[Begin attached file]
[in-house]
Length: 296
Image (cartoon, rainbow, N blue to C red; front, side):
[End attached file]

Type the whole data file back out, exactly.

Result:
[in-house]
Length: 296
Image (cartoon, rainbow, N blue to C red; front, side):